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Open AccessFeature PaperArticle

Monitoring the Italian Home Palliative Care Services

Department of Frailty, Local social health authority (ASST) Lecco, Local Network of Palliative care, Largo Mandic 1, 23807 Merate, Italy
Department of Statistics and Quantitative Methods, University Bicocca-Milan, Via Bicocca degli Arcimboldi 8, 20126 Milan, Italy
Health Territorial Agency (ATS) Montagna, Via Nazario Sauro 38, 23100 Sondrio, Italy
Foundation Maruzza Lefebvre D’Ovidio, Via del Nuoto 11, 00135 Rome, Italy
General Direction of Health Planning of the Italian Ministry of Health, 00144 Rome, Italy
Fondazione Floriani Via Privata Nino Bonnet 2, 20154 Milan, Italy
Author to whom correspondence should be addressed.
Healthcare 2019, 7(1), 4;
Received: 20 November 2018 / Revised: 13 December 2018 / Accepted: 24 December 2018 / Published: 2 January 2019
(This article belongs to the Special Issue Recent Advances in Palliative Care)
Background: In Italy, there currently is a lack of reliable and consistent data on home palliative care provided to people near death. Objectives: Monitoring the activities of the Italian Home Palliative Care Services, according to the 2014 national data collection program entitled “Observatory of Best Practices in Palliative Care” and providing process/outcome measures on a subsample (Best Practice Panel), on regulatory standards and on complete/reliable activity data. Design: A data collection web portal using two voluntary internet-based questionnaires in order to retrospectively identify the main care activity data provided within the year 2013 by Home care units. In the Best Practice Panel and International best practices, eligibility and quality measures refer to the national standards of the NL 38/2010. Setting/Subject: Home Palliative Care Services (HPCSs) that provided care from January to December 2013. Results: 118 Home care units were monitored, globally accounting for 40,955 assisted patients within the year 2013 (38,384 cancer patients); 56 (47.5% of 118) were admitted in the Best Practice Panel. Non-cancer (5%) and pediatric (0.4%) patients represented negligible percentages of frail care patients, and a majority of patients died at home (respectively nearly 75% and 80% of cancer and non-cancer patients). Conclusion: The study demonstrated the feasibility of the collection of certified data from Home care services through a web-based system. Only 80% of the facilities met the requirements provided by the Italian NL 38/2010. Moreover, the extension of the palliative care services provided to frail non-cancer and pediatric patients, affected by complex and advanced chronic conditions, is still inadequate in Italy. View Full-Text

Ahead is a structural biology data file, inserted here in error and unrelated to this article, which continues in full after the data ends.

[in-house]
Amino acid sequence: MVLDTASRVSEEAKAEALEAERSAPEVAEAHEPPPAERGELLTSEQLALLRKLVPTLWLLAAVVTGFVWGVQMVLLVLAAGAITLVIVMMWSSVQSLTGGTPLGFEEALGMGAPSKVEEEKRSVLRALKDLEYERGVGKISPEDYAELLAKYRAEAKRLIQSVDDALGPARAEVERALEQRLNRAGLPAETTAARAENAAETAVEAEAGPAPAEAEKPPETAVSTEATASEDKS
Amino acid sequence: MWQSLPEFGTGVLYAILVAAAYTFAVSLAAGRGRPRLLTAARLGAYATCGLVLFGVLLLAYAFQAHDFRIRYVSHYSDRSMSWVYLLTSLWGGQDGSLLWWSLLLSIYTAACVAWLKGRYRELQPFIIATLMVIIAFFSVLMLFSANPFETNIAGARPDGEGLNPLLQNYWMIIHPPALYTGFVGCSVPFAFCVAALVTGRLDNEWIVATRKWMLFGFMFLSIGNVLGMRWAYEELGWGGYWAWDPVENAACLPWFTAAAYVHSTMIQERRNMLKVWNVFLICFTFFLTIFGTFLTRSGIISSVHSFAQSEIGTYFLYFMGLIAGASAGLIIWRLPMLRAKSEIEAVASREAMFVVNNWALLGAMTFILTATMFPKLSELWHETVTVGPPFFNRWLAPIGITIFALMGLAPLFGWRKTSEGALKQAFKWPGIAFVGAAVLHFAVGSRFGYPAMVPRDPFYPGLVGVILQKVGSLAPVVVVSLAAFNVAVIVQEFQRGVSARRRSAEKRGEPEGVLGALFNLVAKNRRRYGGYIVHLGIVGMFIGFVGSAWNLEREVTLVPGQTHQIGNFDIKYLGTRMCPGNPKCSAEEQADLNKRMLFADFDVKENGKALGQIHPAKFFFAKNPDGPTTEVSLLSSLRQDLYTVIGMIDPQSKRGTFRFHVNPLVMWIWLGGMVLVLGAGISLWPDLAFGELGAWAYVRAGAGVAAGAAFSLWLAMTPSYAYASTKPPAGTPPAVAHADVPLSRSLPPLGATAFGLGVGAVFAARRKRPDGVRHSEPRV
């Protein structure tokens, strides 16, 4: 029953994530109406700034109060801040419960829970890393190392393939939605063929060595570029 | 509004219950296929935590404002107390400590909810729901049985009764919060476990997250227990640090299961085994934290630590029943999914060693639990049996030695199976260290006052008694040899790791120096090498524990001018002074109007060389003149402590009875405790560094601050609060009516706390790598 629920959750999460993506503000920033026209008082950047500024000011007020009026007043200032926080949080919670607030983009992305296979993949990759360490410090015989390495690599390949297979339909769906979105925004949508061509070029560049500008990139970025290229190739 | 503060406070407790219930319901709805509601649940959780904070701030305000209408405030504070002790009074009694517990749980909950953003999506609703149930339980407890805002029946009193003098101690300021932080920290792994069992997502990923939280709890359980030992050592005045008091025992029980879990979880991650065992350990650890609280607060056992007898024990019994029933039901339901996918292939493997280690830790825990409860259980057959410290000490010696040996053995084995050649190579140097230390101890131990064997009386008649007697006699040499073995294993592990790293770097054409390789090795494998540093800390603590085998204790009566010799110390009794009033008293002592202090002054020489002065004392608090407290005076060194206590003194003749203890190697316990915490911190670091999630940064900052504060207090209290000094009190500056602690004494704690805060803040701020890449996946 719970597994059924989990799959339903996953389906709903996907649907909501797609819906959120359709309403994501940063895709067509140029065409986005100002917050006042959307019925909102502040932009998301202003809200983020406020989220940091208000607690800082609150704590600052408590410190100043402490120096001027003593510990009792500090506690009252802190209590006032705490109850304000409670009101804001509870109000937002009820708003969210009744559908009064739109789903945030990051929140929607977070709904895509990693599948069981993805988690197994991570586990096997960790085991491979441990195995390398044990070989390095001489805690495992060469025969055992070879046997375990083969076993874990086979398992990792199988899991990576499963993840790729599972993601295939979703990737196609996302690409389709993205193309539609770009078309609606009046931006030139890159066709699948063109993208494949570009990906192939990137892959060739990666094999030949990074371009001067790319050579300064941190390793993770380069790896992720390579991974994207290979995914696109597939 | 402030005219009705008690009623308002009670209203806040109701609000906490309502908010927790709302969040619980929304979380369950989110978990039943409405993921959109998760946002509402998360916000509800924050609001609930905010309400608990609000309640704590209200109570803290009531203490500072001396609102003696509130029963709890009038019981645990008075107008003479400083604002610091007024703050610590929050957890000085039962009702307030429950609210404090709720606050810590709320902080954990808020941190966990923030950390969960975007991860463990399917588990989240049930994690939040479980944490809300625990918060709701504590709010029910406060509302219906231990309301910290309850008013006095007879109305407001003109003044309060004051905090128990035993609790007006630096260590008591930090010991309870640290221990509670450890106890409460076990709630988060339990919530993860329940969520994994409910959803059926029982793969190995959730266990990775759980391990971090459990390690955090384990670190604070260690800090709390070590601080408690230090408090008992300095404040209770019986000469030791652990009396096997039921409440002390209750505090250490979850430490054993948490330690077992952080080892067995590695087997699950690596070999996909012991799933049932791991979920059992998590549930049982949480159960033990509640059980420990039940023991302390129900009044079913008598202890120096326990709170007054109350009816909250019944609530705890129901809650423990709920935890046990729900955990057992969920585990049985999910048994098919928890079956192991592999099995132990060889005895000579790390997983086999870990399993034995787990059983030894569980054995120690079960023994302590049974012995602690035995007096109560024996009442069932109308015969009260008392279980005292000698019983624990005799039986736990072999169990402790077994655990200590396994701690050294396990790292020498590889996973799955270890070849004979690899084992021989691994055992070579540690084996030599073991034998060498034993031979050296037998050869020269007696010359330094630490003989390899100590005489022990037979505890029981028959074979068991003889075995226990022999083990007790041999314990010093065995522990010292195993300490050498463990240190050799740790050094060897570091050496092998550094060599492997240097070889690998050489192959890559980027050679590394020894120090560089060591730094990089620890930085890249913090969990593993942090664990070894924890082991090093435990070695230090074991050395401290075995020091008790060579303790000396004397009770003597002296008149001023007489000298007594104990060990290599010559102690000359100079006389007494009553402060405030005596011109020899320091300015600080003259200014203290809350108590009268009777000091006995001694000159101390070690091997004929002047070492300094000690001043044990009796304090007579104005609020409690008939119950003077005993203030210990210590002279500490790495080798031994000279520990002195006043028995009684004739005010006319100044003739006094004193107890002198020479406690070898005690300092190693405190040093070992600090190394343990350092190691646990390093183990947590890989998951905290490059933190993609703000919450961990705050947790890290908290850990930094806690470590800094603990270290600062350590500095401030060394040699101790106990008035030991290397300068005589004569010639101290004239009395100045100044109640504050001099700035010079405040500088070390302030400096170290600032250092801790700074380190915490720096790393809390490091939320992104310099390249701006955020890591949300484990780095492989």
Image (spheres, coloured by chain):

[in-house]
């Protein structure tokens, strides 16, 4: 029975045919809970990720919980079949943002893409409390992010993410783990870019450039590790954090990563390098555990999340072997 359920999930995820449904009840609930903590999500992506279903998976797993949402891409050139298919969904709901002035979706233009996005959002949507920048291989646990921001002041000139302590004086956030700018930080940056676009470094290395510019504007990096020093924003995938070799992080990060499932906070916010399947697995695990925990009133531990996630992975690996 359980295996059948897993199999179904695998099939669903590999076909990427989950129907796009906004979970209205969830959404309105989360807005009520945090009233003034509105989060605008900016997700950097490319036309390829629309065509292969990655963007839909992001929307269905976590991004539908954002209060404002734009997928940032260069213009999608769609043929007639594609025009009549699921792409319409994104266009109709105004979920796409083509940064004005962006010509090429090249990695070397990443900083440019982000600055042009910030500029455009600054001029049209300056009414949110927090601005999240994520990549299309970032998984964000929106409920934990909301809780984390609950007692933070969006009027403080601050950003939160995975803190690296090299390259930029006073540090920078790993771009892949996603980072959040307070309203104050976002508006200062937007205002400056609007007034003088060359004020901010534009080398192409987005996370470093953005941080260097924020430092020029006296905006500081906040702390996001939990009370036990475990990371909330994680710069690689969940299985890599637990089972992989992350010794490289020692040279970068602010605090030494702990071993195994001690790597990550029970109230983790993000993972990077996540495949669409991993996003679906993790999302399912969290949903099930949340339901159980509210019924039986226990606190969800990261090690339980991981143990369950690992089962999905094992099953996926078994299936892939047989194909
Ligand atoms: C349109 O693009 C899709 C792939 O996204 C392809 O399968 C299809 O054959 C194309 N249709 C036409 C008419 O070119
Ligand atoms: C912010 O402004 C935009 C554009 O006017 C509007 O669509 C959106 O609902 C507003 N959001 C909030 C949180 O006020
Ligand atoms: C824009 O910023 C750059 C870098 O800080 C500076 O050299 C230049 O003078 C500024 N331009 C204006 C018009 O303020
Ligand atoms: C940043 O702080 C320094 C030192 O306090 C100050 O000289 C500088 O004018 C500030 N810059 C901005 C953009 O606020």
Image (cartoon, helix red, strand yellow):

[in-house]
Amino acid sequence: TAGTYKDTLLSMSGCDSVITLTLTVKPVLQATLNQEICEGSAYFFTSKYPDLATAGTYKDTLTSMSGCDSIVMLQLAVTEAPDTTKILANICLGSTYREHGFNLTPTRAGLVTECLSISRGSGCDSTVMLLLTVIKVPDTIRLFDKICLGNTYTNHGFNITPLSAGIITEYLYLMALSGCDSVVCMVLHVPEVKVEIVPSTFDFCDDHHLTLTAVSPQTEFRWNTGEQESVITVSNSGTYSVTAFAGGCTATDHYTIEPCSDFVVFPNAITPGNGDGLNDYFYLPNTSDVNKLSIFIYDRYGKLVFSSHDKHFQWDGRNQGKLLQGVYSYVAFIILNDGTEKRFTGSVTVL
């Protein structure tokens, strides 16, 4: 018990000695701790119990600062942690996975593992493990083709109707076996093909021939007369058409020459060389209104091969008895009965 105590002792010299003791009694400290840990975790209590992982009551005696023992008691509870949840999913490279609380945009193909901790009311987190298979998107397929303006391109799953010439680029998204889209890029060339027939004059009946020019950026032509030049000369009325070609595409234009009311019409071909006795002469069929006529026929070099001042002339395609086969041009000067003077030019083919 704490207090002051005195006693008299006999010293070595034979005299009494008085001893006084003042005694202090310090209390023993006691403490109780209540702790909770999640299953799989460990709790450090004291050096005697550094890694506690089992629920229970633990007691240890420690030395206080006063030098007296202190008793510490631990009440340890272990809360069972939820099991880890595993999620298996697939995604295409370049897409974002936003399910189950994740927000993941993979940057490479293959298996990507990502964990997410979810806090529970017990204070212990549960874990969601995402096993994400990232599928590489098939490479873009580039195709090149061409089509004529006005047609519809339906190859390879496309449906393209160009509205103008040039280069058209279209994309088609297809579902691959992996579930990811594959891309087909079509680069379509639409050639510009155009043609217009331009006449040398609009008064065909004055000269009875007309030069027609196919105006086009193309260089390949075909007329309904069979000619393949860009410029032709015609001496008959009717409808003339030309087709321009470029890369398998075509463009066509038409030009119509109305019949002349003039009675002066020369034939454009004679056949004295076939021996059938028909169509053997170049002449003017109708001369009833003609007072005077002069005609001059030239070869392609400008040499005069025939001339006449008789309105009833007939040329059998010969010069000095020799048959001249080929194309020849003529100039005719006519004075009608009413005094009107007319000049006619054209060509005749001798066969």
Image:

Keywords: palliative care; best practices; Italian National Observatory; home palliative care units; quality of the care palliative care; best practices; Italian National Observatory; home palliative care units; quality of the care
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Scaccabarozzi, G.; Lovaglio, P.G.; Limonta, F.; Peruselli, C.; Bellentani, M.; Crippa, M. Monitoring the Italian Home Palliative Care Services. Healthcare 2019, 7, 4.

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